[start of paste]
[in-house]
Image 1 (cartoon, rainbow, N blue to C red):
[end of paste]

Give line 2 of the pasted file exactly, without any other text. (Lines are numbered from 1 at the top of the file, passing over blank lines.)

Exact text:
Image 1 (cartoon, rainbow, N blue to C red):